A few months ago I shared the finished pictures from Hank's Juicy Beef, a sandwich shop I designed in Tribeca. Today I wanted to give you a sneak peek into the design process with some dramatic before and after shots. When owner Henry Tibensky first reached out to me for help, he was struggling to come up with a design concept for his Chicago-style beef sandwich shop. The space was originally a Quiznos sub shop with a heinous orange, green, and red color scheme. It felt dark and dated, like the early aughts had vomited all over the walls. Hank wanted the space to feel hip and fresh, and reflect his love for his hometown of Chicago. I came up with a design concept that incorporated Hank's colorful personality while staying true to the building's classic Tribeca roots. Keep reading to learn more about the design process, and see the stunning before and after shots:
The original space felt dark and heavy with large swaths of red, green, purple, and orange on the walls. As much as I love color, this was just way too much. We decided to brighten up the space by painting the upper walls and ceiling white. This instantly brought new life to the room, and emphasized the high ceilings. Glossy black subway tile on the lower portion of the walls anchored the room, and gave the restaurant some hip, classic character. Pendant lights over the order counter brought three-dimensionality to the boxy space while a wood counter front and chocolate leather banquette added some warmth to balance the cool white walls.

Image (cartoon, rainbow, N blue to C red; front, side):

While the original Quiznos shop was overloaded with logos and graphics, we decided a less is more approach would be more appropriate for the walls. A simple shelf along the entry wall displays Hank's signature giardiniera sauce available for purchase, and a striking portrait of Chicago legend Michael Jordan speaks for itself.
We replaced the bland laminate flooring with grey concrete to give the space a cool, industrial vibe. A bar counter in front of the window addes additional seating while American-made brass pendant lights from Schoolhouse Electric add a touch of shine and invite passerby inside.
The transformation of this space from an ugly Quiznos sub shop to a hip and classic Tribeca eatery takes a lot of work. Along with the help of contractor Lenny Hu and architect Chien Dao, the space came together beautifully. But there are always awkward stages in between. Check out a few of these construction shots showing the space as a work in progress: